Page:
A well-written, scrupulously researched and argued account of an enduring mystery that neatly illustrates the haphazard interactions of politics, bureaucracy and history. In the absence of further new evidence, this book is as close as we're likely to get to a definitive account. - Alan Judd, The Spectator
 

[A] superb book, a compelling mixture of history, anecdote and historiography ... Bennett tells a story that could have been a plot from an Ealing comedy, featuring a motley crew of retired services types and chancers, cynical Foreign Office mandarins, inept politicians, intriguing Bolsheviks and dispossessed White Russians ... [a] careful and scrupulous study. - Simon Heffer, Literary Review
  
Bennett does an excellent job of weaving the complicated subplots, scandals and tales of incompetence into an engrossing narrative. - Dan Lomas, International Affairs
  

Bennett's story is fascinating. - Duncan Bowie, Chartist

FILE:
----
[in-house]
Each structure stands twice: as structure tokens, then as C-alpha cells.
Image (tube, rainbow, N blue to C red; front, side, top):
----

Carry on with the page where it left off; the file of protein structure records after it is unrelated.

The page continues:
This is a substantial and authoritative history of one of the most controversial and long-lasting items of "fake news" ever published. - Ian Mitchell's Book Recommendations
 

Did Gill Bennett, the Miss Marple of secret service archives, have a premonition when setting out to write this fascinating book, that current events would shape its market? The Zinoviev Letter has the lot - possible subversion of a Western democratic election, forged documents, fake news, clandestine networks and an array of characters straight out of Central Casting. The ultimate mystery of who wrote the 1924 letter, which was read round the world, still remains. But Gill Bennett's account is the closest we have got so far to finding out who did what, with what and for whom. - Lord Peter Hennessy
  

A brilliant, gripping dissection of the most famous 'fake news' in twentieth-century Britain and its dramatic impact on relations with Russia, British politics, and the intelligence services. - Christopher Andrew, Emeritus Professor of Modern and Contemporary History, University of Cambridge, and author of The Secret World: A History of Intelligence